Article

Historical Legacies of Political Violence  

Jacob Walden and Yuri M. Zhukov

Legacies of political violence are long-term changes in social behavior and attitudes, which are attributable—at least in part—to historical episodes of political conflict and contention. These legacies can potentially reshape the subsequent political and social order. Their catalysts can range from armed conflict, mass repression, and genocide to oppressive institutions and interpersonal violence. The lasting effects of violence include changes in political participation and preferences, intergroup relations, economic activity and growth, and public health outcomes. Estimating these effects presents a methodological challenge, due to selection, posttreatment bias, and the difficulty of isolating specific mechanisms. These challenges are particularly acute given the long time span inherent in studying historical legacies, where effects may be measured generations or centuries after the precipitating event. Understanding these legacies requires distinguishing between persistence mechanisms, where effects of violence continue within an individual directly exposed to violence through trauma, and the secondary transmission of effects between individuals through family socialization, community and peer influences, institutionalization, and epigenetic and evolutionary changes. Research on this subject remains nascent—across many disciplines—and inconclusive on whether violence fosters mostly negative or positive forms of social and political change.

Article

Religious Frames: Egypt’s Muslim Brotherhood  

Meir Hatina and Uri M. Kupferschmidt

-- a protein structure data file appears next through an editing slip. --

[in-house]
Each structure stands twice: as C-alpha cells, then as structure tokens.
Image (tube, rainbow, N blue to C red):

When the Arab Spring of 2011 sparked a second revolution in Egypt (the first having occurred in 1952), it caught the longstanding Muslim Brotherhood almost by surprise. Arguably the oldest Sunni political mass movement in Egypt (having been established in 1928), it had proven remarkably resilient during more than eight decades of alternating repression and toleration by subsequent governments. Though its social composition changed over the years, its principles, as laid down by its founder Hasan al-Banna, continued to inspire large segments of the population in a quest for a state based on Shariʿa, and provided an alternative vision for a more just and moral society. Meanwhile, the Brotherhood built a wide network of social, educational, and welfare institutions. From the early 1980s onwards, with Mubarak in power, the Brotherhood was condoned, if not officially recognized, and members were allowed to participate in several parliamentary and other elections. As an organization with formal traditional leadership bodies, but also a younger generation versed in the modern social media, the Brotherhood was seen to be slowly nearing a point where it would be able to make the transition to a party. It began to formulate a political platform and an economic blueprint for the country. A modicum of democracy was adopted, and more openness towards the integration of women was seen. After winning a relatively large (minority) representation in the 2005 parliamentary elections, the regime was scared enough to allow the Brotherhood to win only one token seat in 2010. The revolution of 2011 ousted Mubarak and then led to relatively free elections with a solid victory for the Freedom and Justice Party, which had been formed by the Brotherhood, as well as a new Islamist-inspired constitution and the election of Muhammad Mursi as president. However, within a year the Muslim Brotherhood government had missed this historical window of opportunity. It proved inadequately prepared for efficient and orderly governance, did not bring order and stability, nor did it advance the aspirational goals of demonstrators. This is how the army, not for the first time in Egypt’s history, came to intervene and depose Morsi in July 2013, replacing him with Defense Minister ʿAbd al-Fattah al-Sisi. It was not long before the Brotherhood was once more suppressed and outlawed. With many leaders in jail, but latent support continuing, observers tend to believe it is not the end of the Brotherhood’s existence.